Saturday, May 25, 2024

Aid groups targeted despite sending location to Israeli military: Report

Aid groups working in the Gaza Strip were hit by Israeli strikes even after coordinating with the Israeli army, an investigation by the New York Times (NYT) has revealed.

The NYT obtained and examined visual evidence and internal communications on six aid group operations that were hit by air raids even after their locations were shared with the Israeli military.

The six aid groups are Doctors Without Borders (MSF), Medical Aid for Palestinians (MAP), International Rescue Committee (IRC), Enabel, ANERA, and World Central Kitchen (WCK). They are all in direct communication with the military and are based in Western nations that are known to be Israel’s strongest allies.

The investigation notes that despite the Israeli military using a system known as deconfliction, where aid groups share locations with the army to avoid being caught between friendly fire in war-torn areas, incidents still occurred.

NYT highlights the many times aid workers have been attacked despite the system being used. Although World Central Kitchen workers coordinated their location with the army and travelled in a clearly marked vehicle, their envoy was still struck, killing seven aid workers, which Israel had dubbed a mistake.

American aid group ANERA shared emails with the NYT, revealing that the group had repeatedly sent the Israeli military coordinates and photos of their staff shelters.

This included a two-story residential building where aid worker Mousa Shawna and his six-year-old son resided when it was struck by an Israeli airstrike weeks before the WCK incident. The military confirmed that the location was being processed in their system.

Visuals from the aftermath of airstrikes targeting MSF, MAP and IRC compounds show buildings clearly marked and logos visible on the bedding and luggage in the wreckage.

The military claimed they were targeting “terror activity” at the MSF building, which the group has denied.

“Coordinates had been provided to the proper actors for both of these structures that were hit. It is standard for us to provide coordinates to actors involved in conflicts,” a spokesperson for MSF told The New Arab.

The publication obtained text messages between MAP and IRC, revealing that a month before the 18 January attack on their residential compound, the Israeli military was informed of the locations and used “high-level diplomatic channels” to deconflict the compound.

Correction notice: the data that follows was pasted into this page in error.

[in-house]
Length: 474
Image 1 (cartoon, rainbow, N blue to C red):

The building was also in a neighbourhood that Israel had designated as a humanitarian zone that was safe for civilians.

“The New York Times investigation clearly shows that the Israeli army is responsible for the attacks on aid workers, but still, the Israeli state is not facing any accountability,” Aseel Baidoun, Acting Director of Advocacy and Campaigns at MAP, told The New Arab.

Baidoun also noted that the Israeli government offered six conflicting explanations for the attack.

These ranged from being unaware of the attack and denying any involvement to claiming the building was mistargeted due to a defective missile fin. Most recently, Israel stated that the damage was not caused by a bomb but by a piece of aircraft fuselage discharged by the pilot of an Israeli fighter jet.

“The variety of responses highlights a continued lack of transparency regarding what occurred. It is clear from this experience that the Israeli military and government are either unable or unwilling to properly investigate this serious incident,” Baidoun added, calling for a full, independent and timebound investigation into the 18 January attack and all reported attacks on aid workers.

“We need to secure concrete assurances from the Government of Israel that attacks against aid workers and health workers will not occur in the future.”

Over 200 aid workers have been killed since 7 October in Gaza, which is more than three times as many aid workers killed in any single recorded conflict in a single year, according to the United Nations. Many suspended operations following the WCK strike, and MAP and IRC were forced to suspend their work at Nasser Hospital in Khan Younis.

In light of the killing of seven WCK aid workers, aid groups have been blunt, saying there is nothing more they can do to protect staff in the Gaza Strip, asserting that it’s up to Israel to avoid killing them. The United Nations has also appealed for direct coordination with the Israeli military.

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